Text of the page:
Get ready for these 6 game-changing technologies

These six breakthroughs will deliver on their promise

Promises, promises. When a new mobile phone appears on the market, or a new wireless standard emerges, the pundits and prognosticators chime in about all the game-changing possibilities.

WiMax will change the world! Apple's iPhone is the second coming of portable gadgets!

Yet, in the daily grind of computing, we just need to get our jobs done. We'll believe the promise of a new technology if it really does solve a nagging problem.

Consider this the companion piece to my earlier article, "10 broken technology ideas -- and how to fix them": six promising technologies and how they can actually deliver on the promise.

1. Light-as-air laptops

I mentioned in the broken-technology writeup how ultramobile PCs and mobile internet devices aren't nearly as useful as a good smart phone.

Stepping up a bit in size to notebook PCs, we've come a long way from models such as the massive Toshiba Protege from a few years ago -- the one with a 17-inch display. (It was touted as a "desktop replacement," which even sounds heavy.)

And even the popular Dell Latitude models from not so long ago were heavy enough -- at about five or six pounds -- that they weren't exceptionally mobile.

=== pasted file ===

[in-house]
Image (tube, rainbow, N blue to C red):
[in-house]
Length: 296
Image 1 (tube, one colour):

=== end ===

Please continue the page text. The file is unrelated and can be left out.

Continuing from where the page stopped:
But smaller, more recent offerings such as the ultraportable Asus EEE aren't getting it right either. Sure, it's light, but it's not packed with many of the features we've come to expect on our portable computers.

But the new MacBook Air and the ThinkPad X300 really are game-changing, even though many reviews of the MacBook Air haven't been all that positive.

A 1.4 kilo laptop with a big screen is really the ultimate goal, and both Apple and Lenovo Group achieved it. (I also like the Sony Vaio SZ, even though it weighs more and the "profile" measures 1 inch) So, what's so promising? As laptops get lighter, you'll be more likely to grab one and go -- at home, at work and anywhere.

Soon, more light-as-a-feather laptops packed with features will finally get it completely right, which means they won't stay on the desktop for very long -- and the desktop PC might not exist for long, either.

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John Brandon

Computerworld
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